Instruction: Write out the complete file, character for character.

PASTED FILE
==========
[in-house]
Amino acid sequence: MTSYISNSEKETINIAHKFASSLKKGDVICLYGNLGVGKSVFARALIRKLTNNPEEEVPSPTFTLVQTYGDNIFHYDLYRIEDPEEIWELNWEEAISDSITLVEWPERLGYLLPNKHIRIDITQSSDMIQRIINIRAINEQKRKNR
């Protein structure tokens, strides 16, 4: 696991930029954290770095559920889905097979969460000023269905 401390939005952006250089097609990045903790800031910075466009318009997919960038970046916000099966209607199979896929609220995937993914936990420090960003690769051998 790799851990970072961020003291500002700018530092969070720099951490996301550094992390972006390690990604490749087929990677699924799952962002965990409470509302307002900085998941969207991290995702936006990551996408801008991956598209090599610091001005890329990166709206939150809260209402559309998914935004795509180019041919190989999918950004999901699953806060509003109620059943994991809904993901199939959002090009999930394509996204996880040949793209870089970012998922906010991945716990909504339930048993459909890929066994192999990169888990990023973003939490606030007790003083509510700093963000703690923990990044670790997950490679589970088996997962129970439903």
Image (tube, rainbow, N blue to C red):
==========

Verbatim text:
[in-house]
Amino acid sequence: MTSYISNSEKETINIAHKFASSLKKGDVICLYGNLGVGKSVFARALIRKLTNNPEEEVPSPTFTLVQTYGDNIFHYDLYRIEDPEEIWELNWEEAISDSITLVEWPERLGYLLPNKHIRIDITQSSDMIQRIINIRAINEQKRKNR
């Protein structure tokens, strides 16, 4: 696991930029954290770095559920889905097979969460000023269905 401390939005952006250089097609990045903790800031910075466009318009997919960038970046916000099966209607199979896929609220995937993914936990420090960003690769051998 790799851990970072961020003291500002700018530092969070720099951490996301550094992390972006390690990604490749087929990677699924799952962002965990409470509302307002900085998941969207991290995702936006990551996408801008991956598209090599610091001005890329990166709206939150809260209402559309998914935004795509180019041919190989999918950004999901699953806060509003109620059943994991809904993901199939959002090009999930394509996204996880040949793209870089970012998922906010991945716990909504339930048993459909890929066994192999990169888990990023973003939490606030007790003083509510700093963000703690923990990044670790997950490679589970088996997962129970439903």
Image (tube, rainbow, N blue to C red):